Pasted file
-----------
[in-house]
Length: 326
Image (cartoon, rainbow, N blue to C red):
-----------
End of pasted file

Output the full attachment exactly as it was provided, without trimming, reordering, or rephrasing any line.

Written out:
[in-house]
Length: 326
Image (cartoon, rainbow, N blue to C red):